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This FTSE 100 dividend stock is down 20% since January. Is it time to load up?

It can be stressful holding on to falling stocks. We all know that we should ignore the market’s short-term moods, but sometimes there’s a good reason why a company’s share price is falling.

In poker parlance, it’s not always easy to know when to hold and when to fold.

One FTSE 100 stock I would definitely hold on to is Asia-focused insurance firm Prudential (LSE: PRU). Although the shares are down by more than 20% from their January high of 1,992p, I see no reason to sell.

I’ll explain why I’m keen on Prudential in a moment, but first I want to consider a smaller financial stock where the picture seems less certain.

Regulators are tightening the leash

International Personal Finance (LSE: IPF) is a sub-prime lender operating in markets outside the UK, including Poland, Romania and Mexico. Historically, it’s been a profitable business paying generous dividends. But profits have slipped in recent years, and the dividend hasn’t risen since 2015.

In a trading update today, the company said that new lending rose by 6% during the third quarter, led by a 39% increase in online lending.

That sounds promising. But the firm also warned of regulatory changes that could put pressure on profits. In Romania — which accounts for about 12% of group profits — new rules limiting debt-to-income ratios are expected to reduce sales.

The firm’s management also admitted that a proposed interest rate cap at 18% APR would have “a material adverse effect on our Romanian business.”

Meanwhile, tax changes being proposed in Poland would affect cross-border transactions. The firm says this could increase the entire group’s tax rate from 34% to 42% in 2019. I estimate that would represent an 8% cut to earnings per share.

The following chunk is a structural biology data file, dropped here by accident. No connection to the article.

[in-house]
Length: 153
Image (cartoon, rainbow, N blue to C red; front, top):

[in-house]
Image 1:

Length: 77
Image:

A 5.7% yield to buy?

IPF shares are down by 5% at the time of writing. The outlook does seem uncertain, but I suspect the business will adapt to these changes and continue to prosper. Indeed, with a forecast P/E of 7 and a prospective yield of 5.7%, this could prove a profitable time to buy.

However, with markets uncertain, I’m more interested in businesses with a consistent track record of growth.

A buy-and-forget stock

IPF isn’t a stock I’d be happy to buy and forget for 10 years. But that’s exactly the approach I’d take if I added Prudential to my portfolio, which I’m tempted to do.

This insurance group is benefiting from the growing wealth of Asia’s middle classes. Although its share price has fallen this year, its profits have been rising. Recent half-year results showed that the Pru’s operating profit rose by 9% to £2,405m during the first half of 2018.

This growth was led by its Asia unit. The value of new business generated by this division rose by 11% to £1,122m, while underlying surplus cash generation climbed 14% to £590m.

Too cheap to ignore?

Prudential generated a return on equity of 18% last year. This measure of profitability puts it ahead of most UK peers.

The group is also in the process of de-merging its slow-growing, UK-focused asset management business, M&G. My colleague Rupert Hargreaves recently explained why he believes this could lead to a bid for the firm’s Asian business.

With the shares now trading on a 2018 forecast price/earnings ratio of 10.3, and offering a 3.2% yield, I believe Prudential may now be too cheap to ignore.

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Roland Head has no position in any of the shares mentioned. The Motley Fool UK has recommended Prudential. Views expressed on the companies mentioned in this article are those of the writer and therefore may differ from the official recommendations we make in our subscription services such as Share Advisor, Hidden Winners and Pro. Here at The Motley Fool we believe that considering a diverse range of insights makes us better investors.